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Traffic and road safety in Hong Kong

Watch out, Hong Kong drivers – cameras will be recording where you pull over, as police step up battle against motorists causing traffic jams

Roll-out of video recording devices at black spots citywide aims to gather evidence to make prosecutions easier

PUBLISHED : Tuesday, 31 July, 2018, 5:07pm
UPDATED : Tuesday, 31 July, 2018, 11:31pm

If you’re one of those Hong Kong drivers who tend to stop where they shouldn’t, you might want to think again from Wednesday.

A six-month citywide trial of video cameras at traffic black spots is set to go live from August 1 to help police gather evidence against those who commit offences that cause congestion.

Video recording devices will be installed at different locations at least once a week, but the force would not say how many spots would be involved or how long each was to be targeted.

Denis Li Man-kit, chief inspector of the police force’s traffic branch, said the scheme was aimed at unblocking unnecessarily clogged up roads.

It will primarily target six offences: picking up or dropping off of passengers in restricted zones, loading or unloading goods in restricted areas, unauthorised stopping at bus stops or taxi stands, bus drivers and taxis stopping for longer than necessary, unlawful entry of yellow-box intersections, and U-turns that cause obstructions.

“We are trying to reduce the [chances of] confrontation between the public and police by gathering more evidence,” Li said. “When there’s a not-guilty plea in court, we will have more evidence to support our case.

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“With the use of cameras, people might be deterred from committing these offences.”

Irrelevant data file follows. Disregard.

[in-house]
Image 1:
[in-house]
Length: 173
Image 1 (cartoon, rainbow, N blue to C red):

Li said the officer in charge of each district would select the black spots to be monitored.

The trial will roll out cameras citywide following a two-month pilot in Kowloon East and New Territories North between December last year and January.

Li said the result of that initial scheme had been “satisfactory”, with 540 fixed-penalty tickets issued.

“We did not receive many complaints. Most of the offending drivers complied with the officers when they were caught,” Li said. “With video footage, normally they admit the offence and pay the fine.”

For the coming trial, Li said officers would either stop and issue tickets on the spot or review the footage and track down the offender later.

The scheme would also help with police staffing needs, he said.

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“Those officers who can’t perform outdoor duties due to injuries or other reasons, can be deployed to help check records and footage. More frontline officers can then be assigned more frequently to traffic enforcement duty on the street.”

Li also vowed to combat illegal parking. Officers would continue with “stringent” enforcement by issuing tickets or towing vehicles, he said.

The number of parking tickets issued in Hong Kong rose 14 per cent in the first quarter of the year compared with the same period last year.

The force would review the new scheme after six months of operation, Li said.